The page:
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Student mental health and well-being: are universities doing enough?
  1. David Barrett1,
  2. Alison Twycross2
  1. 1 Faculty of Health Sciences, University of Hull, Hull, UK
  2. 2 School of Health, Wellbeing and Social Care, Open University, Milton Keynes, Buckinghamshire, UK
  1. Correspondence to Dr David Barrett, Faculty of Health Sciences, University of Hull, Hull HU6 7RX, UK; D.I.Barrett{at}hull.ac.uk

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There is increasing recognition that students in higher education are a population group at high risk of facing mental health challenges. Indeed, the Institute for Public Policy Research recently acknowledged that the level of mental illness and mental distress among UK university students is increasing, and is greater than other sections of the population.1 The prevalence of mental health issues among university students was highlighted by the results of a 2015 survey by the National Union of Students that found that in a sample of 1093 students:

  • Seventy-eight per cent reported facing mental health problems in the previous year.

  • Two-thirds of respondents reported having felt depressed in the last year.

  • The prevalence of suicidal thoughts in the previous 12 months (33%) was double that reported in the general population2 (although the rate of suicide among students has fallen substantially in the past 25 years, and is significantly lower than that of people of the same age within the general population).3

Internationally, a recent WHO survey of first-year college students across eight countries found that approximately one-third screened positive for at least one mental health disorder related to either anxiety, mood or substance use.4

For healthcare students, the pressures faced are arguably even greater, and the risks to mental well-being even higher. There is evidence that in comparison with the broader student population, student nurses report significantly higher levels of stress, anxiety and sleep disorders.5 In addition, these high levels of stress and anxiety in student nurses may be coupled with a tendency to adopt maladaptive coping strategies such as alcohol consumption.6

For students in general, it is recognised that the key factors that can impact on mental well-being are academic pressures, financial difficulties and the transition to a new stage of education that often requires leaving home for the first time.2 When seeking to identify why nursing and midwifery students report higher levels of stress and anxiety, we need to acknowledge the additional challenges of, for example, the requirement to undertake clinical placements in addition to completing academic work.7 Clinical placements often take place in short-staffed and highly pressured work environments. For some students, their practice placements will provide their first exposure to death and dying; students may witness (or even experience) violence and aggression in the workplace. Students may also feel added pressure knowing that their competence is being assessed while on clinical placements.7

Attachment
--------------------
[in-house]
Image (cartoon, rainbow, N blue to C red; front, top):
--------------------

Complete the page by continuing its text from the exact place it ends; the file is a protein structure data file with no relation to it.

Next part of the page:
So, what should universities be doing to ensure there is adequate support and guidance in place to support the mental well-being of students? Universities UK has a strategy called #stepchange. This strategy makes it clear that being proactive in supporting students’ mental health is fundamental to higher education and that a whole university approach is needed to drive and sustain improvements in student mental health. Buy-in and direction from senior leadership in the university is seen as the most important factor in helping improve student mental health and well-being.1 There are projects underway to develop and evaluate specific interventions that enhance students’ mental and social health. These include the provision of brief ‘drop-in’ therapeutic interventions for students in need, and the development of a peer education training programme in which older students support younger peers through the transition to higher education.3

Educators also have a role to play as individuals in enhancing the well-being of their students. As a minimum, educators need to be aware of the support available to students who are experiencing mental health issues or distress—this support may take the form of University services, or external resources such as the student minds website or the Samaritans in the UK.

All professionals interacting with students, peers, educators and practice supervisors/assessors have a responsibility to understand the causes of stress and anxiety in learners. We also need to identify evidence-based interventions for providing effective support for student mental health and well-being. This may include changes in curricula, use of reflection or introduction of robust support structures that may help to mitigate the particular challenges faced by student nurses and midwives. ‘Evidence Based Nursing’ will continue to source, summarise and commentate on research in this area, helping us to support the nursing and midwifery workforce of the future.

References

Footnotes

  • Twitter @barrett1972, @alitwy

  • Funding The authors have not declared a specific grant for this research from any funding agency in the public, commercial or not-for-profit sectors.

  • Competing interests DB is an Associate Editor for EBN journal. AT is the Editor of EBN journal.

  • Patient consent for publication Not required.

  • Provenance and peer review Not commissioned; internally peer reviewed.

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